Wednesday, May 10, 2017
JACKSON The U.S. House of Representatives made good on President Donald Trump's campaign promise of repealing and replacing the Affordable Care Act last week, but the legislation could have dire impacts for Mississippi, a Republican leader says.
The American Health Care Act of 2017 passed the House by four votes with many members admitting later to not reading the full bill or the Congressional Budget Office analyzing its impact. The bill, which Mississippi's three Republican congressmen voted to pass, would repeal several parts of the ACA and changes other parts of federal health- care law, including capping Medicaid spending.
These changes to "Obamacare" could have adverse impacts on seniors, who already pay more for insurance at a 3-to-1 ratio, those who have not reached age 65 in order to qualify for Medicare as well as millennials too old to be on their parents' insurance plan—not to mention people on Medicaid. Mississippi Insurance Commissioner Mike Chaney said the new plan will likely not work until lawmakers address the cost of health care and fix the Medicaid program.
"It's pretty simple. If we don't control the cost of health care, you're not going to do anything," Chaney said May 5. "... To me, all we've done is rearrange the chairs on the Titanic. It's still a sinking ship until we fix Medicaid."
About 88,483 Mississippians would lose their coverage from the Affordable Care Act Marketplace plans, but Chaney and advocates agree that Mississippians on Medicaid are likely to be most affected—in terms of coverage at least—by the repeal of Obamacare and its regulations.
Mississippi has the highest Medicaid matching rate in the country, Kaiser Family Foundation data show. Chaney said that equals out to around 4 federal dollars to each state dollar. About a quarter of the state's population receives Medicaid benefits: 760,400 Mississippians, with about half of them children.
Both factors add up to bad news for Mississippians on Medicaid if Trump's plan to block-grant Medicaid funds takes root, Roy Mitchell, executive director at the Mississippi Health Advocacy Program, says. The House's health-care proposal would likely be based on 2016 spending levels for Medicaid funds, and Mississippi's spending level is low, despite our high match rate compared to other states expanding Medicaid while Mississippi did not, Mitchell says.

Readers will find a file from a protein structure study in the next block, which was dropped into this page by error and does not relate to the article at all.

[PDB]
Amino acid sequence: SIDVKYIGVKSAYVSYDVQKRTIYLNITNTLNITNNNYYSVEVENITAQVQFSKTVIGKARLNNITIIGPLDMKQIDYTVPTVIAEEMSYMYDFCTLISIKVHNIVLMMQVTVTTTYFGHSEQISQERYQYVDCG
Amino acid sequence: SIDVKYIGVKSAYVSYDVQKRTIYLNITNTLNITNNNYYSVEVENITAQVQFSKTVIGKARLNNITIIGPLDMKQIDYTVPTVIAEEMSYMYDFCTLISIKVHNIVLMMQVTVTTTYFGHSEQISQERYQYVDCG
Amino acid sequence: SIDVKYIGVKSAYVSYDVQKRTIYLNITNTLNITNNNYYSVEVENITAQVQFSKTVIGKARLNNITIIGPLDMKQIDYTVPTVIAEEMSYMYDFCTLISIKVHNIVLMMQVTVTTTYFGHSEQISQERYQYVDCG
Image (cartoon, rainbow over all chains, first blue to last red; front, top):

"It's hard to say how many could be kicked off (Medicaid) at this point, but 760,000 people ultimately will be impacted in some way because if you take that much money out of the program, you're either going to cut eligibility or services," Mitchell told the Jackson Free Press. "And we have such a fragile health care access system now that you can bet hospitals are going to close if you start tinkering with it to that degree."
Chaney told the Jackson Free Press that the House's repeal bill does not address a plan for those people who could lose health-insurance coverage from the impending changes to states' Medicaid programs. He said it was hard to guess how many people would come off the Medicaid rolls but did say the state needs the ability to change some of the Medicaid waivers and laws, which would fall under the governor's purview, not the insurance commissioner's.
The commissioner's department could take the risk-pool portal and add in additional companies that could offer plans with defined benefits, something not allowed under the ACA. These defined benefit plans could offer some coverage for Mississippians, and Chaney said he has companies "chomping at the bit" to offer this kind of coverage in the state.
A 'Pre-Existing' Silver Lining?
Back in 2009, insurers could deny a woman who was domestically abused health coverage in Mississippi. In the health-care world before the ACA, state policy or insurers themselves could determine what insurance companies were required to cover.